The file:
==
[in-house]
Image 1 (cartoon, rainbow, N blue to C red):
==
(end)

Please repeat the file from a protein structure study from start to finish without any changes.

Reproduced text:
[in-house]
Image 1 (cartoon, rainbow, N blue to C red):